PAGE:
Davis, B., Sumara, D. & Luce-Kapler, R. (2000). Engaging minds: Learning and teaching in a complex world. Mahwah, NJ. Lawrence Erlbaum.

Luce-Kapler, R. (2004). Writing with, through and beyond the text: An ecology of language. Mahwah, NJ. Lawrence Erlbaum.

Noddings, N. (2012). Philosophy of education. Boulder, CO. Westview Press.

Pinar, W. (2004). What is curriculum theory?. Mahwah, NJ. Lawrence Erlbaum.


Thursday June 18, 2015 3:45pm - 4:15pm
Salon 2
 
Friday, June 19
 

8:30am

CON10.08 - Gesture-based teaching in the undergraduate L2 classroom
“Tuning into practice” for second language learners means functioning in the second language from the earliest possible stages of learning. This challenge is addressed in the beginning classroom by the AIM (Accelerative Integrated Method), an innovative second language teaching method which employs codified gestures to support L2-only interaction in the beginner classroom. In this interactive presentation, participants with an interest in undergraduate and adult L2 can experience a theoretical and practical introduction to the AIM, originally designed by B.C. Educator, Wendy Maxwell, for the teaching of French, Spanish, Mandarin and ESL in the K-12 system. The presenter will explore how and why one might want to adapt a K-12 approach to undergraduate and adult L2 learners and report on the presenter’s experience pioneering the AIM at the post-secondary level. Participants will experience the method as authentic beginners using a fictitious language. They will learn a limited inventory of codified gestures to use with other participants in a teaching role-play. They will be given a brief introduction to AIM theory and resources for illustrative and discussion purposes. The presentation will be supported by available research, which so far has focussed on K-12 (Mady, Arnott, Lapkin, 2009; Bourdages & Vignola, 2009, etc.). Participants will also hear preliminary results of groundbreaking research being conducted by the presenter on the use of the AIM in the presenter’s undergraduate classrooms. There will be an opportunity to reflect upon and discuss how the AIM might be adapted for use in participants’ own classrooms and disciplines.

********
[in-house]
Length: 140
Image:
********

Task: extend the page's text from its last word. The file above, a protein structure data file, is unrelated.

References:

Arnott, S. (2011). Exploring the dynamic relationship between the accelerative integrated method (AIM) and the core french teachers who use it: Why agency and experience matter. The Canadian Journal of Applied Linguistics, 14(2), 156-176.

Bourdages, J. S., & Vignola, M. (2008). Évaluation des habiletés de communication orale chez des élèves de l'élémentaire utilisant AIM. The Canadian Modern Language Review / La Revue Canadienne Des Langues Vivantes, 65(5), 731-755. 

Goldin-Meadow, S. (2003). Hearing gesture: How our hands help us think. Cambridge, MA.: Harvard University Press. 

Mady, C., Arnott, S., & Lapkin, S. (2009). Assessing AIM: A study of grade 8 students in an Ontario school board. The Canadian Modern Language Review / La Revue Canadienne Des Langues Vivantes, 65(5), 703-729.


Friday June 19, 2015 8:30am - 9:15am
Director Room